An intense debate sparked in India, after the local police in Kerala recently arrested a philosophy student and charged him for sedition, under which he faces life imprisonment, for refusing to stand up during the national anthem at a theatre.
Salman M, 25, was arrested in Thiruvanathapuram on 20 August. He was charged under section 124 A of the IPC (sedition) for allegedly "sitting and hooting" when the anthem was played at the theatre.
Salman has also been accused under section 66A of India's Information Technology Act for allegedly publishing abusive social media posts about the Independence Day on 15 August.
A Thiruvananthapuram court denied bail to Salman for the second time on 6 September. The 25-year-old will now face life imprisonment, if the charges against him are proved.
The arrest was made after Salman and his friends refused to stand up when a music video of the national anthem was played at a government-owned local theatre, prior to the screening of a movie, on 18 August.
The group's refusal to stand up led to protests from a section of the audience. A heated argument followed, and a few people filed a complaint with the police.
However, as per the national anthem dos and don'ts, there are clearly a few scenarios where there is no legal obligation whatsoever for one to stand up while it is sung.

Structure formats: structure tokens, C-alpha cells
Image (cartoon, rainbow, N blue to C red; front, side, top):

"Whenever the Anthem is sung or played; the audience shall stand to attention. However, when in the course of a newsreel or documentary, the Anthem is played as a part of the film, it is not expected of the audience to stand as standing is bound to interrupt the exhibition of the film and would create disorder and confusion rather than add to the dignity of the Anthem," states the rule.
Amnesty International condemned the arrest, calling the law archaic, and demanded the release of Salman.
"A criminal charge for such conduct, even if some might regard it as offensive, is completely unwarranted. Nobody should have to go to prison merely because they are accused of causing offense," stated Shailesh Rai, Programmes Director at Amnesty International India, in a statement.
"The Constitution of India and international law recognise the right to freedom of expression, and this right extends to speech that offends or disturbs. Authorities must respect this fundamental right, not seek to curb it.
"The case against Salman M. should be dropped and he must be released. Indian laws on sedition and online free speech do not meet international human rights standards on freedom of expression. These laws must be urgently repealed."